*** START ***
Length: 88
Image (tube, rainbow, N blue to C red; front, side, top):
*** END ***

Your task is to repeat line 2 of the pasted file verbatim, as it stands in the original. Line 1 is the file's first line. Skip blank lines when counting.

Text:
Image (tube, rainbow, N blue to C red; front, side, top):